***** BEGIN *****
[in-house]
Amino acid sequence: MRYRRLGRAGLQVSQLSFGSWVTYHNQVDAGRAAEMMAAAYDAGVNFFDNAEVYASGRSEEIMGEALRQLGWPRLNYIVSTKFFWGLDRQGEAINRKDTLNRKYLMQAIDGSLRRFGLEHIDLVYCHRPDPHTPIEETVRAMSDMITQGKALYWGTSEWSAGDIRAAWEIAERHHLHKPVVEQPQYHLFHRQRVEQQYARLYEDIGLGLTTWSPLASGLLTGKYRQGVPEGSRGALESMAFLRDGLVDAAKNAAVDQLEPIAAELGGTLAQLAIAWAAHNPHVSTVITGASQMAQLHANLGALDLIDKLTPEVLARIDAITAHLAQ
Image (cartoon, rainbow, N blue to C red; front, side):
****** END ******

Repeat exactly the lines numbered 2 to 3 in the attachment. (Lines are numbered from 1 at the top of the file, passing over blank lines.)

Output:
Amino acid sequence: MRYRRLGRAGLQVSQLSFGSWVTYHNQVDAGRAAEMMAAAYDAGVNFFDNAEVYASGRSEEIMGEALRQLGWPRLNYIVSTKFFWGLDRQGEAINRKDTLNRKYLMQAIDGSLRRFGLEHIDLVYCHRPDPHTPIEETVRAMSDMITQGKALYWGTSEWSAGDIRAAWEIAERHHLHKPVVEQPQYHLFHRQRVEQQYARLYEDIGLGLTTWSPLASGLLTGKYRQGVPEGSRGALESMAFLRDGLVDAAKNAAVDQLEPIAAELGGTLAQLAIAWAAHNPHVSTVITGASQMAQLHANLGALDLIDKLTPEVLARIDAITAHLAQ
Image (cartoon, rainbow, N blue to C red; front, side):